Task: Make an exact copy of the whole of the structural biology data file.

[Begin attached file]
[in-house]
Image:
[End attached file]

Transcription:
[in-house]
Image: